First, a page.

• Eric Wittenberg Feb 26, 2013

    I need to correct myself: Sam is descended from the General’s grandfather, not one of his brothers. Please forgive my inexact memory.

    Eric

  • Eric A. Jacobson Feb 27, 2013

    Kevin,

    I cannot speak to the blurb you quoted above, but I think this book is another necessary step in the ongoing battle regarding Civil War memory. Hood has been so mischaracterized that in some circles that many even many relatively serious students of the war have no idea what other facts might point toward and/or indicate. Because Hood has been so battered, and almost libeled, true understanding of the events around Atlanta and as well as Franklin and Nashville can be hard to discern. I know this firsthand as someone who works in the arena of the 1864 Tennessee Campaign and has written three books about it. Interestingly, Hood’s harshest critics are often great supporters of the Lost Cause. I’ve always found it intriguing that they are the very ones who have propogated this anti-Hood agenda, and usually base their claims on myth, legend, and emotion. Facts to them are convenient side points that are easily discarded. But let’s be honest, that is a typical approach. Cleburne and Forrest have become legends, almost immortal, and Hood is just the drig addicted, idiot general who killed the former and wouldn’t listen to the latter, or so some say. :)

    At the very least, I think this book will and should open some eyes to a new and critical way of evaluating Hood. I have read some of the newly found papers and also the manuscript and cannot wait for the book to come out.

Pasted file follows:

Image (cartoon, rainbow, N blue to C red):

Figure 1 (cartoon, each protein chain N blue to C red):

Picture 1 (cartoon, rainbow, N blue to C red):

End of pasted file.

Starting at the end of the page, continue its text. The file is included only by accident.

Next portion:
• Kevin Levin Feb 27, 2013

      Hi Eric,

      I don’t doubt anything you’ve said here. Between you and Eric Wittenberg it looks like we can anticipate a decent book on Hood. I was simply commenting on the book blurb in light of the last story I posted that involved Stephen Hood. I tend to agree with those who suggest that it’s never a good idea to fall in love with dead people. The tone is a bit too strident for my taste and I still think that the author has put himself in a difficult position. How exactly is he going to demonstrate an intent to distort the historical record?

      • Eric A. Jacobson Feb 27, 2013

        I understood your point about the book blurb. In my opinion, the book will show that long before the Hood papers were found there was ample evidence that ran contrary to what many authors, scholars, and general students of the war put forth as the “truth” about Hood and related 1864 events. I also ran across plenty of it during my research which dates back over 20 years. I really couldn’t believe how what I was finding had never been included in previous books. If it wasn’t intentional by some it was outright sloppy research and honestly I don’t know which is worse In fact, at one point I wrote of it as an “anti-Hood cabal.” That said, Sam will have to weather some criticism. It comes with the territory. :)

        • Kevin Levin Feb 27, 2013

          The most effective way to address bad research is by doing better research. Let the research and interpretation speak for itself. No reason to accuse people of intentionally distorting the past unless, of course, you can prove it. I guess I am a bit sensitive to these types of claims given the kinds of accusations I read online about my own published work.

  • Greg Wade Feb 27, 2013